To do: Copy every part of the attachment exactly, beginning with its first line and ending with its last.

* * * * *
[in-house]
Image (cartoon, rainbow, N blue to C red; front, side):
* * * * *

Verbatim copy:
[in-house]
Image (cartoon, rainbow, N blue to C red; front, side):